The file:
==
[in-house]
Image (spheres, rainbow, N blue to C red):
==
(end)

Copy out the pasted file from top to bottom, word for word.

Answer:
[in-house]
Image (spheres, rainbow, N blue to C red):